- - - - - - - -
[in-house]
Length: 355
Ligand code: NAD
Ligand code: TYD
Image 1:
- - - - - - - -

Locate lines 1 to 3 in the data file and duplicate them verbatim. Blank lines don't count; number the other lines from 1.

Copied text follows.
[in-house]
Length: 355
Ligand code: NAD